Anger in Commons at rape suspect anonymity plans
The Government has provoked an all-party revolt by pressing ahead with a controversial plan to grant anonymity to people accused of rape before they are charged.
Despite growing criticism that the move would deter women from reporting rapes, Crispin Blunt, the Justice minister, told the Commons: "The Government is minded to strengthen anonymity up to the point of charge." He said the proposal struck the "right balance" but promised further consultations before coming forward with concrete proposals.
The Tory MP and author Louise Bagshawe said there were concerns on all sides of the Commons that by "singling out rape in this way ministers are sending a negative signal about women and those who accuse men of rape". Maria Eagle, a Labour justice spokeswoman, warned that by singling out one offence, ministers were in "danger of sending a clear signal to victims: you will not be believed". The Labour MP Stella Creasy said the Government had stirred up a "hornet's nest", adding: "This proposal would give credence, without any evidentiary foundation, to the idea that lying is an aspect of this crime and not any others."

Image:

The Tory MP Aidan Burley said he failed to understand the opposition to what he called a simple reform. "Let's not beat about the bush here. A false allegation of rape can ruin a man's life," he said. "Even if he is tried in a court of law and found not guilty he will still remain a suspect in many people's eyes. Human nature is to say there is no smoke without fire, especially, it would seem, when it comes to the thorny issue of rape."
Simon Hughes, the Liberal Democrats' deputy leader, admitted the idea originated from his party, which called for anonymity until conviction under a package of reforms on rape cases. But he conceded it was not included in the Tory or Liberal Democrat election manifesto. Mr Hughes hinted that the proposal might be watered down if there was no consensus for it. "There is a strong case for changing the law, in my view, but it's not a cut-and-dried case, an open-and-shut case," he said.
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